15th ÉCU Film Festival | 2020 
"But because this was my graduation film I learned so much. But the most important lesson I learned was, that working together as a team you can make anything possible."
Justin Bentvelsen
 Revolution 
European Experimental Film
justinbentvelsen.nl
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Screens occupy the majority of our daily lives, perhaps unconsciously. CGI is becoming more realistic and dominant every day. This increasingly blurs the boundary between reality and the alternative “reality” of the CGI world.

 

Hi Justin thank you for talking to TNC, how are you handling the lockdown?

Thank you for asking me. I am handling its quite okay. Living in a nice house with sweet roommates so it could be worse. I am however quite sad about how some people are handling this whole situation, the parks in Amsterdam are most of the times filled with people.

As a filmmaker is this experience providing you with some creative inspiration?

Yes, these are strange times, where the survival instinct kicks in. Where toilet paper is being hoarded, and people put them selves first. I dislike seeing people doing this it ,but it gives me inspiration to write about the egoistic side of humans.

You're currently at doing your MA Animation st Joost Den Bosch, as an up and coming filmmaker how is this experience helping you develop your skills as a filmmaker?

As a director I really wanted to learn how animation works. For me as a filmmaker I consider it a strong medium in combination with my way of filmmaking. I see animation as a rapidly growing medium, to me it feels mandatory to explore it.

Revolution has been selected for the 15th ÉCU Film Festival in Paris, what has it meant to you to be part of this unique film festival for independent filmmakers?

I am proud that my film is being displayed at this recognised festival. And with that, proud to be part of the experimental competition.

You have had an amazing festival run with Revolution did you imagine you would get such a great response to your film?

No I didn’t expect this. I myself was happy with the end result, as it was my very first film and my graduation film for my bachelors. I didn't expect it to get this far. My love for filmmaking has grown through out the years. And I am very happy that people are enjoying the films I make.

What did it mean to you to to get nominated for Dutch Best Film at the Go Short Film Festival?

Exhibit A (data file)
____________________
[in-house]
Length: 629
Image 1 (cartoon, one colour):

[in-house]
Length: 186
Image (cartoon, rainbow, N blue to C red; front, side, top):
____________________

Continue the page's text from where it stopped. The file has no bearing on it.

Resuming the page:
That also was very exciting news to hear, and I am happy they recognised me as a filmmaker as ECU did as well.

Has the attention you've gotten for Revolution add any additional stress/pressure on you as a filmmaker?

No not at all. I am just doing what I can do, and if people like it I am very happy and proud. But I will just keep on making new films and hopefully I will be at the ECU next year as well.

You've said "Can we still see the difference between CGI and real imagery?" since making Revolution how would you answer this question?

This is one of the concepts I wanted to tell with the film. I think we as human kind can’t see the difference anymore between ‘In-camera’ and ‘CGI’. This is something not to be afraid of, but to be noted about. With that I am always very excited when people are confused about Revolution, the fact that it is made without any CGI or AE.

Can you tell me a little bit about Revolution, how did this film come about?

My generation grew up with computers and television. As a kid I loved computer games and the internet. It was exciting, new and nobody completely understood how these pieces of metal could do all of this, only computer experts can understand this. As I got older the computer developed, and computer generated imagery got more and more advanced. The grip on this technology got more and more complicated for ‘the common people’. Until the point we as humans can’t see the difference anymore between a camera shot footage and CGI. When an artist tricked me into CGI being hyper realistic, I knew I had to make a film about that.